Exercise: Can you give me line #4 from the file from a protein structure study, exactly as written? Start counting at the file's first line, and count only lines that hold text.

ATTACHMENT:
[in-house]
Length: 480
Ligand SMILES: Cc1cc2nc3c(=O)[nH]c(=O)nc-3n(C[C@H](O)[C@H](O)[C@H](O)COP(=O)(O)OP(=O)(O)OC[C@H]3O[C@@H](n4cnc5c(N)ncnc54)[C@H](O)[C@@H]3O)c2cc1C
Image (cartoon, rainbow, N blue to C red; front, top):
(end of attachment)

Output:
Image (cartoon, rainbow, N blue to C red; front, top):